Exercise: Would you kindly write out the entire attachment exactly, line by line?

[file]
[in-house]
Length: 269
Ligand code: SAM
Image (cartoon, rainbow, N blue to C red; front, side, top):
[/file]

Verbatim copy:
[in-house]
Length: 269
Ligand code: SAM
Image (cartoon, rainbow, N blue to C red; front, side, top):